In the human brain, cells talk to one another through the routine exchange of electrical signals. But when people fall into a deep sleep, the higher regions of the brain - regions that during waking hours are a bustling grid of neural dialogue - apparently lose their ability to communicate effectively, causing consciousness to fade.
Writing today (Sept. 30) in the journal Science, a team of researchers led by University of Wisconsin-Madison professor of psychiatry Giulio Tononi reports that the fading of consciousness during dreamless sleep seems to occur as the different regions of the cerebral cortex that mediate perception, thought and action become functionally disconnected.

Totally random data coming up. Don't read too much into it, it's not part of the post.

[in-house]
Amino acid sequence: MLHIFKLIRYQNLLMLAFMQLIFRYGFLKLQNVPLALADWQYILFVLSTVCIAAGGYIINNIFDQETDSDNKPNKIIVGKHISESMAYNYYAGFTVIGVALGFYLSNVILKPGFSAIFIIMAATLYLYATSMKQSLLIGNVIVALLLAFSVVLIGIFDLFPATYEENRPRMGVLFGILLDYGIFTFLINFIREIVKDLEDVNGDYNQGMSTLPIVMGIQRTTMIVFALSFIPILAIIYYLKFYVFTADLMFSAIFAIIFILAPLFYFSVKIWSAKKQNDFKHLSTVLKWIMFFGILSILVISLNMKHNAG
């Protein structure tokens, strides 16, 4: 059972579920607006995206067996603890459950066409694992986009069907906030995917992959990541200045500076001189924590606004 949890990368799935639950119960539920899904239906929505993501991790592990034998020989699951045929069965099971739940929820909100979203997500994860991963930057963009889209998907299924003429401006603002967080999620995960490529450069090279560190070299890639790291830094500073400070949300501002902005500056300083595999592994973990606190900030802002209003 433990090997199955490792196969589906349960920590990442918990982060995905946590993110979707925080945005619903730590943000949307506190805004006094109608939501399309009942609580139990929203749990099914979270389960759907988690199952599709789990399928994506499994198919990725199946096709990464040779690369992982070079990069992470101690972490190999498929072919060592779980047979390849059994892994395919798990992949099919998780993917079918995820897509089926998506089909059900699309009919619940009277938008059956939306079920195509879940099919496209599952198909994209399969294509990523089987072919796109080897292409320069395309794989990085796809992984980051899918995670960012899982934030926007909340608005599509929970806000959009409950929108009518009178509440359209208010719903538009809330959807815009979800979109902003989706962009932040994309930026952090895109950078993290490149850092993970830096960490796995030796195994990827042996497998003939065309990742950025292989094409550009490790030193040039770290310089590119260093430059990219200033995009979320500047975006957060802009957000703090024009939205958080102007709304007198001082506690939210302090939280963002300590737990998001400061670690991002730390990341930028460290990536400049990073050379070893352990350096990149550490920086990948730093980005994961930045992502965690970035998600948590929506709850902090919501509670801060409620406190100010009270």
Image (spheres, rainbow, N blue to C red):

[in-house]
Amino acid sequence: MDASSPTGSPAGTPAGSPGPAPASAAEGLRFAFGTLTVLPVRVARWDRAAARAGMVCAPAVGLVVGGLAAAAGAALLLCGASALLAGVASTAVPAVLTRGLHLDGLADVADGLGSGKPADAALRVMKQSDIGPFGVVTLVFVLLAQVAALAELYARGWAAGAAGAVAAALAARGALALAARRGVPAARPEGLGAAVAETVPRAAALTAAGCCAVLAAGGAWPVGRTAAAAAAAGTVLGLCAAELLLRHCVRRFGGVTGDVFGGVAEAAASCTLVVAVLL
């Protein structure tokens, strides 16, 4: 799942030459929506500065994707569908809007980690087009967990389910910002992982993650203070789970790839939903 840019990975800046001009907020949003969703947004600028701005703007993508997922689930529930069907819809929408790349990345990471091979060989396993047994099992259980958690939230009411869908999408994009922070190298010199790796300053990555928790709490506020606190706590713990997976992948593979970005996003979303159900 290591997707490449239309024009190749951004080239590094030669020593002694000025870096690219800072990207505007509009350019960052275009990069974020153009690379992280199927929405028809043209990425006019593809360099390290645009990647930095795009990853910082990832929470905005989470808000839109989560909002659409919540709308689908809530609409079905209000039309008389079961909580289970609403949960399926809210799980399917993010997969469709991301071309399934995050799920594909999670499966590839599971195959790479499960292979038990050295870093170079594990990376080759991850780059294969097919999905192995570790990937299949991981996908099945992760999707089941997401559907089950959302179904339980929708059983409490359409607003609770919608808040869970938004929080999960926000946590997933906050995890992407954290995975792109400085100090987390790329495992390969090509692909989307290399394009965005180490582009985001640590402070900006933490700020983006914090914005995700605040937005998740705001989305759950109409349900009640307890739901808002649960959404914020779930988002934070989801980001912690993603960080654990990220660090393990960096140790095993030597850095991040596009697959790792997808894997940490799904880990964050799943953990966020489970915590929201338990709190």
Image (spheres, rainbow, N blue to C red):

Tononi and his team observed the disconnect when brief, magnetically generated pulses of electricity were directed to specific regions of the brain. The pulses stimulated an electrochemical response from the targeted cells, which, when the subject was awake, rippled across the brain, traveling along networks of nerve fibers to different cerebral destinations. But when the subject was in deep sleep, the same response was quickly extinguished and did not travel beyond the stimulated cells.
Giulio Tononi | EurekAlert!
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